Does the Public Defenders office defend two people involved in the same case? 12 Answers as of April 15, 2011

There are 2 people with the same case number. Is it practice for 1 public defender to handle both cases? Should they have separate defense?

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Law Office of Peter F. Goldscheider
Law Office of Peter F. Goldscheider | Peter Goldscheider
When this occurs it is customary that one defendant is represented by a conflicts program that is administered separately from the public defenders' office.
Answer Applies to: California
Replied: 4/15/2011
Law Office of Tracey S. Sang
Law Office of Tracey S. Sang | Tracey Sang
No, that is a classic conflict. The PD should only defend one of the parties charged. The others should be defended by alternate PD's and private conflict attorneys.
Answer Applies to: California
Replied: 4/11/2011
The Law Offices of Michael S. Berg
The Law Offices of Michael S. Berg | Michael Berg
I have never heard of one public defender representing two people in a criminal case. There would be a potential inherent conflict of interest and I can't imagine they would ever do so. Good luck.
Answer Applies to: California
Replied: 4/11/2011
Nelson & Lawless
Nelson & Lawless | Terry Nelson
It is possible if there are no conflicts between the two, they can ask for separate counsel.
Answer Applies to: California
Replied: 4/8/2011
Law Office of Eric Sterkenburg
Law Office of Eric Sterkenburg | Eric Sterkenburg
The public defender should not represent more than one defendant in a case.
Answer Applies to: California
Replied: 4/7/2011
    The Law Offices of Gabriel Dorman
    The Law Offices of Gabriel Dorman | Gabriel Dorman
    No. The Public Defender's Office will not represent more one defendant on a case in order to avoid any conflict of interest. If there are two defendant's on a case who both need the service of the public defender then one will be assigned an attorney from the public defender's office and the other will most likely be assigned an attorney from the alternate public defender's office.
    Answer Applies to: California
    Replied: 4/7/2011
    The Law Office of Harry E. Hudson, Jr.
    The Law Office of Harry E. Hudson, Jr. | Harry E. Hudson, Jr.
    I would hope not. That would be a conflict. My opinion is that if the PD has talked to two defendants in the same case, the PD has a double conflict and must withdraw from both.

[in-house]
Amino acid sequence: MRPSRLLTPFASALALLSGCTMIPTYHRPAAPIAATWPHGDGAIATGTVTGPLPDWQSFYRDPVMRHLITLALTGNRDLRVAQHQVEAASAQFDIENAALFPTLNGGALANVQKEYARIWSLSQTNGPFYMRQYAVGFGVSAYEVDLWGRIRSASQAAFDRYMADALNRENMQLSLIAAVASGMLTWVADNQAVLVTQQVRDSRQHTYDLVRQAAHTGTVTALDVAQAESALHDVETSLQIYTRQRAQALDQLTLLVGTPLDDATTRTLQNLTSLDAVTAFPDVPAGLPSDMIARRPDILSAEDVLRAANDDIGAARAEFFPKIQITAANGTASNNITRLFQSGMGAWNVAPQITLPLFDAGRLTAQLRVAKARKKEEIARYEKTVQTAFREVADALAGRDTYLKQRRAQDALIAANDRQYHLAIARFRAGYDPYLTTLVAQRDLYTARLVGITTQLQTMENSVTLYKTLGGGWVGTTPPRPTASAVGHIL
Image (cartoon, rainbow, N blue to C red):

Answer Applies to: California
    Replied: 4/7/2011
    Robert Mortland
    Robert Mortland | Law Office of Robert Mortland
    No. The public defender cannot defend the defendant and any co-defendants. The public defender will pick the first one that they get or the one that has been their client before and will declare a conflict of interest on the other defendant. The other defendant will either go to an alternate public defender or to a criminal defense panel where a private attorney will be paid by the court to represent the defendant.
    Answer Applies to: California
    Replied: 4/7/2011
    Law Offices of Phil Hache
    Law Offices of Phil Hache | Phil Hache
    Usually in the situation where there are 2 co-defendants in the same case, and neither case has private counsel, the public defender will handle one defendant, and what is often referred to as an "alternate public defender" will handle the second defendant. The alternate public defender is a private attorney, but that attorneys fees are paid by the Court. Perhaps there is an exception if both parties sign an informed consent form to both be represented by the same attorney, but I have not seen that personally done for a public defender.
    Answer Applies to: California
    Replied: 4/7/2011
    The Law Offices of Robert L. Driessen
    The Law Offices of Robert L. Driessen | Robert L. Driessen
    Yes the office of the public defender cannot handle a single case with two co-defendants. Typically in larger metropolitan areas one of the defendants will be represented by the public defender and the other will be represented by the alternate public defender. If there is no alternate public defender they will be assigned to a conflict attorney that is usually a private attorney that will be paid by the state for their service on the case.
    Answer Applies to: California
    Replied: 4/7/2011
    Law Office of Jeff Yeh
    Law Office of Jeff Yeh | Jeff Yeh
    No it isn't. The other defendant would be repsented by the alternate defender which, if a conflict still exists, would result in the Judge appointing a private "panel" attorney (they charge less fee but are still a lot more expensive than the PD).
    Answer Applies to: California
    Replied: 4/7/2011
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